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All Is True
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by Jay Seaver

"Kenneth Branagh's latest Shakespeare film is a bit different from the rest."
2 stars

It is unlikely that any actor or director working today is as broadly associated with the works of William Shakespeare as Kenneth Branagh, and as a result it is both natural and kind of weird for him to make a movie where he plays the Bard himself - there are horror stories about obsessed fans that start this way! For better or worse, the most off-putting thing about "All Is True" is that, for someone who has consistently found ways to defy the popular idea that Shakespeare's plays are stodgy and archaic, it's almost shocking how dull this movie is. Neither he nor anybody else involved manages to find an angle that brings this story to life.

He and writer Ben Elton set the film in 1613, soon after the Globe Theatre has burned down and Shakespeare has returned to Stratford-on-Avon, with no intent to write another word in his retirement. Though the town has benefitted from his success, he's not entirely welcomed home with open arms: Wife Anne (Judi Dench) thinks of him as a guest, as he has spent most of their marriage in London; daughter Susannah (Lydia Wilson) is married to John Hall (Hadley Fraser), a smug Puritan who won't mind inheriting from Will even as he disdains the theater; and daughter Judith (Kathryn Wilder) resents that her father immediately begins creating a memorial garden for her twin brother Hamnet, who was the sole focus of Will's attention even before he died when they were children twenty years ago.

Judith has a persistent suitor despite her low self-esteem and Susannah may be contemplating an affair, but relatively little comes of most of the things simmering in the background. Part of it is that both the particulars and general shape of 400-year-old family drama is likely to feel pretty irrelevant, but part of it is that Ben Elton's script feels like he is desperately grabbing historical details to try and create a story and never able to shape it into something satisfactory. He'll gesture at Shakespeare's puritan son and the ironies of his position but never find anything to happen where that's concerned, or see the evidence that Judith had inherited much of her father's talent only to be stymied by society having no place for female writers. A sequence in the latter half, as Shakespeare seeks to learn the true circumstance of his son's death, serves as a sort of reminder of how the data and official paperwork that survives as a historical record gives the shape of a story but not the whole thing.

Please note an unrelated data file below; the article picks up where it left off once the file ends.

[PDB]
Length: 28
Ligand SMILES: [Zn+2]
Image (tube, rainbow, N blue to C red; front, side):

Most of that is happening around Shakespeare, but he is the one at the center of the film. He's a bit of a blank, introduced as an outsider and never inserted into much activity. Branagh himself gives a decent performance underneath a weirdly uncanny makeup job, but he and the character seem almost bored during the more placid sections, waiting to explode at those willing to benefit from his success without truly respecting his work. The combination of part, script, and actor merges into a weird feeling of egotism, a too-close identification with genius heightened by a number of scenes that are nothing but someone entering the film to tell Shakespeare he's brilliant and important (most notably Ian McKellen as Henry Wriothesley), or alternately having him put someone in his place because hey, writing plays and running a theaters is hard work, guy who thinks being a working artist is just getting paid for a hobby! There's truth to this, of course, but it is also very much the sort of thing that comes across as the filmmakers putting their grievances into their characters' mouths.

Only Kathryn Wilder really gets a chance to spark on-screen; Judith's got a number of legitimate complaints and gets to be plain-spoken with them, and for much of the movie, she's the only one who pushes back against Shakespeare in any significant way. Admittedly, it's probably the most enjoyable supporting performance rather than the best; Anne, for example, is kind of intriguing in large part because her shame and low self-esteem at being the illiterate, older country wife of an urban genius is at odds with her being played by Dame Judi Dench. It's a nice performance to start with, but the fact that most viewers know Dench is very much not the halting Anne highlights all the threads in this film about just how undervalued women have almost always been, even as it also makes it more frustrating that Branagh and Elton are rather hemmed in from having Shakespeare tackle this in any meaningful way.

That is not his legacy, after all, even if his later life does provide a way to illustrate just how cruel and destructive not treating women as full people is. If the idea is for this to be the actual point of the movie - that the audience comes in for a look at Shakespeare as a man only to get a lesson on what sexism costs the world - it's not a particularly well-executed bait-and-switch. Instead, the film winds up at least appearing to be penned in by its name - "All Is True" may be a better idea for a vanity project than most, but could use some embellishment.

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originally posted: 05/23/19 08:53:08
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  10-May-2019 (PG-13)
  DVD: 13-Aug-2019

  08-Feb-2019 (12A)

  N/A (M)
  DVD: 13-Aug-2019

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